With much of the U.S. in a deep freeze this week, the shortages of propane and home heating oil have caused prices to skyrocket. A fuel analyst says this is a short-term problem caused in part by the nature of just-in-time delivery. To keep stocks flowing, the feds have expanded hours-of-service exemptions to haulers of propane and heating oil in 40 states plus D.C.
Some have likened the shortages in the propane and heating oil industries to the 1973 gasoline shortages.
The Federal Motor Carrier Safety Administration recently declared a state of emergency in 10 southern states to go along with 30 others listed on its website. The 10 recent additions are Kentucky, North Carolina, South Carolina, Georgia, Tennessee, Arkansas, Alabama, Mississippi, Louisiana and Oklahoma.
In the affected areas, truckers responding to the fuel shortages and carrying a copy of a waiver can operate more hours than the regulations allow, as long as they follow other rules and do not drive when fatigued.
Allowing the propane and heating oil to travel more miles is one way to combat the shortages, according to the states that need it the most.
As consumers as well as haulers, some truckers may be feeling the price spikes at home.
Oil and fuel analyst Tom Kloza with the Oil Price Information Service says some spot markets, Kansas for example, have seen propane prices triple from about $1.50 per gallon last fall to nearly $5 in January.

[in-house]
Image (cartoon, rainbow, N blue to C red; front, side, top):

“You’ve got a screaming kind of spike where demand is outstripping supply,” Kloza told Land Line on Monday, Jan. 27. “It’s still pretty ugly and pretty challenging out there.”
The FMCSA’s regional emergency declaration extend to Illinois, Indiana, Iowa, Kansas, Michigan, Minnesota, Missouri, Nebraska, Ohio and Wisconsin in the Midwest and Connecticut, District of Columbia, Delaware, Massachusetts, Maryland, Maine, New Jersey, New Hampshire, New York, Pennsylvania, Rhode Island, Virginia, Vermont and West Virginia in the East.
Separate but similar waivers are in effect for Alabama, Arkansas, Kentucky, North Carolina, North Dakota, South Dakota and Tennessee.
Haulers must carry a copy of the waiver in their cabs if they are working these areas. Click here to locate waivers by region or by state.
The polar vortex, the name given to the frigid weather pattern hitting most of the country, is mostly to blame, but so too are supply, demand and the way propane and heating oil are refined and delivered.
“This happens when just-in-time becomes just intolerable,” Kloza said.
The U.S. typically does not store much propane or heating oil throughout the year, mostly because they are expensive to inventory, Kloza says. Therefore, customers rely on just-in-time delivery from refinery to destination.
In the fall of 2013, with some warning signs out there but no real way to predict the long and sustained cold, farmers used a lot of propane to dry wet harvests in many states. But Kloza does not see that as having the effect that some have reported. Again, he says, it’s the just-in-time nature of the game.
The shortages could affect diesel prices down the line, however, because diesel is an inventoried fuel that comes from the same crude stocks as heating oil.
“This is probably going to lead to a first-quarter spike for diesel prices,” he said.
As for the long-term outlook for propane and heating oil, Kloza says the prices should come down just as rapidly as they spiked once the temperature warms up and supply catches back up to demand.
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